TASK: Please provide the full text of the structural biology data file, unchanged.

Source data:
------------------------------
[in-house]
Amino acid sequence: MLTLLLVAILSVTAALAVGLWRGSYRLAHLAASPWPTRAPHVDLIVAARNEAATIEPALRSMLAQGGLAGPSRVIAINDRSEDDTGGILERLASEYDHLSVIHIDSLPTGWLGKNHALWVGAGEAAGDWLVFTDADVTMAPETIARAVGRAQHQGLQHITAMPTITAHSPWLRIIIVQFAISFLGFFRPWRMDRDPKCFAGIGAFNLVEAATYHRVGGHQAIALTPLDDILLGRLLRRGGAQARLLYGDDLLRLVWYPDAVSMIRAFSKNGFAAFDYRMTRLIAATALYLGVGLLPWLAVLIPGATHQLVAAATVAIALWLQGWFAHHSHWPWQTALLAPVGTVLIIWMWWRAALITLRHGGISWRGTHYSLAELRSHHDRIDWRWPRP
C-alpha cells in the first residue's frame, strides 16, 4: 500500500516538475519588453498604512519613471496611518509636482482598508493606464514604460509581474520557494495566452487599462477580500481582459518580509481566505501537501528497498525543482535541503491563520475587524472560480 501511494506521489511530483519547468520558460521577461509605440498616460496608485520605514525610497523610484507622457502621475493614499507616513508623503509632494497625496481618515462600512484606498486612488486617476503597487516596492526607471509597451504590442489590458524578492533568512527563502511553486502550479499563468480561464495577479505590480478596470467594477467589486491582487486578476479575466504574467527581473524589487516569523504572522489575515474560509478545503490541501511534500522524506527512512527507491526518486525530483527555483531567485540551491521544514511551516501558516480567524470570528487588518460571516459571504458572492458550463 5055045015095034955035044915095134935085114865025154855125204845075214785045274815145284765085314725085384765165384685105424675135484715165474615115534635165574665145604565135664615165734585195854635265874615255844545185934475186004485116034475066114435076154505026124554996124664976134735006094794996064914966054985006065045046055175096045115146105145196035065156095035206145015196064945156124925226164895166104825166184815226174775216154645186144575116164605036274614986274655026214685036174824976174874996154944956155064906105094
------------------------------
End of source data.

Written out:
[in-house]
Amino acid sequence: MLTLLLVAILSVTAALAVGLWRGSYRLAHLAASPWPTRAPHVDLIVAARNEAATIEPALRSMLAQGGLAGPSRVIAINDRSEDDTGGILERLASEYDHLSVIHIDSLPTGWLGKNHALWVGAGEAAGDWLVFTDADVTMAPETIARAVGRAQHQGLQHITAMPTITAHSPWLRIIIVQFAISFLGFFRPWRMDRDPKCFAGIGAFNLVEAATYHRVGGHQAIALTPLDDILLGRLLRRGGAQARLLYGDDLLRLVWYPDAVSMIRAFSKNGFAAFDYRMTRLIAATALYLGVGLLPWLAVLIPGATHQLVAAATVAIALWLQGWFAHHSHWPWQTALLAPVGTVLIIWMWWRAALITLRHGGISWRGTHYSLAELRSHHDRIDWRWPRP
C-alpha cells in the first residue's frame, strides 16, 4: 500500500516538475519588453498604512519613471496611518509636482482598508493606464514604460509581474520557494495566452487599462477580500481582459518580509481566505501537501528497498525543482535541503491563520475587524472560480 501511494506521489511530483519547468520558460521577461509605440498616460496608485520605514525610497523610484507622457502621475493614499507616513508623503509632494497625496481618515462600512484606498486612488486617476503597487516596492526607471509597451504590442489590458524578492533568512527563502511553486502550479499563468480561464495577479505590480478596470467594477467589486491582487486578476479575466504574467527581473524589487516569523504572522489575515474560509478545503490541501511534500522524506527512512527507491526518486525530483527555483531567485540551491521544514511551516501558516480567524470570528487588518460571516459571504458572492458550463 5055045015095034955035044915095134935085114865025154855125204845075214785045274815145284765085314725085384765165384685105424675135484715165474615115534635165574665145604565135664615165734585195854635265874615255844545185934475186004485116034475066114435076154505026124554996124664976134735006094794996064914966054985006065045046055175096045115146105145196035065156095035206145015196064945156124925226164895166104825166184815226174775216154645186144575116164605036274614986274655026214685036174824976174874996154944956155064906105094